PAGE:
Help your team interpret the change correctly. Fill in any gaps in information and be transparent. Don't keep information close to your chest for fear of panic. Help your team get all the information they need to come to the right conclusions;
You can help your team realise that they are not in danger. Spend time listening to their perceived dangers and address them. A simple coaching exercise involves asking your team to describe the challenge they are facing while focusing only on the facts and helping them to avoid using emotive language or describing only their emotions. Ask them to describe the worst-case scenario of what will happen as a result of the situation, then the best-case, and finally the probable-case. Explore if any of the described cases have any irrational thoughts or beliefs. Help them reframe irrational thoughts and come up with one action that will get them closer to the probable case.
Mental rehearsal is a technique that is used by athletes to help them achieve their goals. Also known as visualisation, it helps decrease the fear of change or the fear of the unknown. The subconscious mind cannot distinguish between an external experience in the physical world, and that same experience conveyed to the brain by your imagination. Visualisation can, therefore, help make what you desire to be more familiar and helps people formulate new neural connections. They become acclimatised and more comfortable with the novel ideas and future. Remember, when something is familiar, it is less scary. So, if you visualise something enough, you slowly expand your comfort zone.
3.Notice positive changes every day
Create a practice of noticing changes that have had a positive effect on your team’s ability to do business, especially if it is related to your change project. By recognising the positive effects of change, you'll retrain your team to see change as an opportunity rather than a threat.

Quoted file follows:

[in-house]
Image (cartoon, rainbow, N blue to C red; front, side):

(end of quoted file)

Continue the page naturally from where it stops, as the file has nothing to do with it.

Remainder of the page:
4.Help teams plan for obstacles
Most change methodologies help you and your team develop a plan for change. You create a few goals and you work towards them. Yet, you must help your team think about any obstacles that may come up AND help them plan for that. People often give up on pursuing a goal the minute an obstacle they hadn't foreseen arises. It becomes a demotivating force, and soon enough, you may be pushing the project up a very steep hill. When you set goals that help you move through change, ask your team to think of any obstacles that may pop up and decide what they will do when this happens. In that way, they will feel prepared for sudden changes and not be demotivated by them.
5.Watch your language about change
Watch the language you use about change. I have been in a room as leaders described the change as hard, difficult and acknowledge teams were “fatigued”. This only served to strengthen the idea that change is a negative event. You can help your team put new meanings on their feelings of change. Call it excitement instead of doubt or fear. Ask them to be fit and ready for change rather than to prepare for fatigue.
Great change leaders know that change is not an event. It ebbs and flows while never going away. Whether large or small, it's a continual part of organisational life. Great change leaders hate the status quo without changing everything for change’s sake. They change to take advantage of opportunities and stay ahead of the competition. And that takes a great mindset that doesn’t fear change.
If you need some help with developing a mindset for change, then book a complimentary call with me here today.